Today there has been a lot of discussion about personal learning networks (PLNs) and that teachers, as professionals, should embrace the global society by using social media. With Pearltrees this is not a problem. Shared interests bring people to each others' pearltrees to pick up the best "pearls". It doesn't matter what nationality, religion, sex, age or looks you have, a shared interest is all you need to make a connection.
10 tips for teachers:
1. Make Pearltrees your own professional digital library. (on-line tools, everything at hand)
2. Pay attention to the people that take your pearls. It is likely that they are interested in the same things as you are (shared interests)
3. Create your own PLN by using social media: Pearltrees, Twitter, Facebook (Personal Learning Network)
4. Are you interested in peer learning? With Pearltrees, you are always learning from others. As a teacher, you get inspiration from others and new ideas to enhance learning.
5. Are you familiar with the constructivist learning theory? In Pearltrees, new knowledge is always built in connection with the old one. The reshaping of pearltrees arise new meanings in an ever-changing context. (mind mapping, tree structure)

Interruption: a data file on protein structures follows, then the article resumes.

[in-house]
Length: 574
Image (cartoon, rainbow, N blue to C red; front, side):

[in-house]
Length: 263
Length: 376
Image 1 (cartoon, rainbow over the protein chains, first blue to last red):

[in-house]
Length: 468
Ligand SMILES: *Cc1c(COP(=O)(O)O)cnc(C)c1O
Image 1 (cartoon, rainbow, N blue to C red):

6. Do you think that learning should be about the real world? With Pearltrees you can connect everything you want from the (digital) world to your pearltrees. (connecting school life to real life)
7. Is it important for you to know your sources? How about stopping plagiarism? You can connect everything to Pearltrees: from production / presentation to sources / resources (source criticism)
8. Would you like to work together with another professional and build a common pearltree? Team up! (collaborative approach)
9. Create a pearltree for a class or a group and make it grow together. All the materials are available at one address. This is also a great opportunity for the teacher to learn from the students. (pedagogical use of Pearltrees)
10. Try the paid version Pearltrees Premium to make your pearltrees secret and to control sharing and confidentiality. You might also want to link in your secret Youtube teaching videos there. (controlling privacy)
The new social media tools make it possible for us to take the learning to the next level. Let's seize the day! (social media, learning in the digital age)
Pearltrees app (iPad, iPhone)
Me and Pearltrees:
My blog writings (in Finnish)
Articles about Pearltrees:
Pearltrees makes Web curation a joy with its 'magical' new iPad app
Stylish Web curation service Pearltrees launches a premium offering for private content sharing
Pearltrees in Wikipedia:
Videos about Pearltrees:
Exclusive first look: Pearltrees iPad app enables new kind of content curation
What's The Role Of Curation In Search?
Web curation / content curation:
Building Thought Leadership through Content Curation
Content Curation for Teachers
Science and Curation: the New Practice of Web 2.0
Why Curation Will Transform Education and Learning: 10 Key Reasons
Comparatif de 12 solutions de curation
Semantic web, Web 3.0:
Content Curation by people not Ai
Curation - The Third Web Frontier
Learning 3.0 and the Smart eXtended Web